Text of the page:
Published online Jan 8, 2017. doi: 10.4254/wjh.v9.i1.18
Peer-review started: June 30, 2016
First decision: August 10, 2016
Revised: September 10, 2016
Accepted: November 1, 2016
Article in press: November 2, 2016
Published online: January 8, 2017
Hepatitis C virus (HCV) infects hepatocytes, polarized cells in the liver. Chronic HCV infection often leads to steatosis, fibrosis, cirrhosis and hepatocellular carcinoma, and it has been identified as the leading cause of liver transplantation worldwide. The HCV replication cycle is dependent on lipid metabolism and particularly an accumulation of lipid droplets in host cells. Phosphoinositides (PIs) are minor phospholipids enriched in different membranes and their levels are tightly regulated by specific PI kinases and phosphatases. PIs are implicated in a vast array of cellular responses that are central to morphogenesis, such as cytoskeletal changes, cytokinesis and the recruitment of downstream effectors to govern mechanisms involved in polarization and lumen formation. Important reviews of the literature identified phosphatidylinositol (PtdIns) 4-kinases, and their lipid products PtdIns(4)P, as critical regulators of the HCV life cycle. SH2-containing inositol polyphosphate 5-phosphatase (SHIP2), phosphoinositide 3-kinase (PI3K) and their lipid products PtdIns(3,4)P2 and PtdIns(3,4,5)P3, respectively, play an important role in the cell membrane and are key to the establishment of apicobasal polarity and lumen formation. In this review, we will focus on these new functions of PI3K and SHIP2, and their deregulation by HCV, causing a disruption of apicobasal polarity, actin organization and extracellular matrix assembly. Finally we will highlight the involvement of this pathway in the event of insulin resistance and nonalcoholic fatty liver disease related to HCV infection.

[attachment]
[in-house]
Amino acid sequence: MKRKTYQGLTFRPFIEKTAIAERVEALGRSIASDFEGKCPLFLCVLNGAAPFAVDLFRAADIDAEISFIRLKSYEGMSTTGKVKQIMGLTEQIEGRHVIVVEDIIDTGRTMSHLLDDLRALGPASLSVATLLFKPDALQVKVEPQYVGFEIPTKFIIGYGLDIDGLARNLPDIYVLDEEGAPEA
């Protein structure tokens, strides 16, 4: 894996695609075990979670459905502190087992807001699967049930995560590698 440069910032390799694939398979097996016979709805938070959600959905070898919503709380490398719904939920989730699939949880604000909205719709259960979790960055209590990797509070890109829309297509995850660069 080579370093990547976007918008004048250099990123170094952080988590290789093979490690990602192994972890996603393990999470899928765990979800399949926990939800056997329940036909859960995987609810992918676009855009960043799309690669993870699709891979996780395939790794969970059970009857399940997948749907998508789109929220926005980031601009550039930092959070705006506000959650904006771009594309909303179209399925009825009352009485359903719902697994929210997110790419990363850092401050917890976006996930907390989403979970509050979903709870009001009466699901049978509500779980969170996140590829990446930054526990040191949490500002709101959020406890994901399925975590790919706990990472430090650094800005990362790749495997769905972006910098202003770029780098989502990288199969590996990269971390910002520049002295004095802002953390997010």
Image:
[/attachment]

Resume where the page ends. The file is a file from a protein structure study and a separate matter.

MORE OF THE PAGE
Core tip: Chronic hepatitis C virus (HCV) infection leads to liver cirrhosis and cancer. HCV infection modulates the lipid metabolism. Phosphoinositides are minor phospholipids that are also modified by HCV infection. phosphatidylinositol (PtdIns)(3,4,5)P3 is mainly formed by phosphoinositide 3-kinase (PI3K), and can be dephosphorylated by SH2-containing inositol polyphosphate 5-phosphatase (SHIP2) to generate PtdIns(3,4)P2. In this review, we will discuss the effects of SHIP2 and PI3K on the formation of cell polarity and how their expression and activation are modulated by HCV infection, leading to the disruption of cell polarity. This pathway is also discussed in the event of insulin resistance and nonalcoholic fatty liver disease related to HCV infection.